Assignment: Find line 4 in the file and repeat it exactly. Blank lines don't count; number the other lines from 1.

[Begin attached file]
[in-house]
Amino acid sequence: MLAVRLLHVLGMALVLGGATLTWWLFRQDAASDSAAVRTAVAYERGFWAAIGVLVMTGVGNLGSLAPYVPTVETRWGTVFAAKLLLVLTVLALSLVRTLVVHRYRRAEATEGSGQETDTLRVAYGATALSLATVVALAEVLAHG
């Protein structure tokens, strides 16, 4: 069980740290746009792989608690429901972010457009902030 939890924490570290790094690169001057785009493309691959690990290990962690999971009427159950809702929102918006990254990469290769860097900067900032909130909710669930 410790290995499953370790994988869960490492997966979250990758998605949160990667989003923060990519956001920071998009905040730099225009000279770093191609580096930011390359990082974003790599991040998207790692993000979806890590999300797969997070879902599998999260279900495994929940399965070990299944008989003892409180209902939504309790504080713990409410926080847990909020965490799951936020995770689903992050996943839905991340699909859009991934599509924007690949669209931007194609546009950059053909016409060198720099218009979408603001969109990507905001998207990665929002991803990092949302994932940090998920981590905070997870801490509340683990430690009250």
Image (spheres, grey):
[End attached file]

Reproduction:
Image (spheres, grey):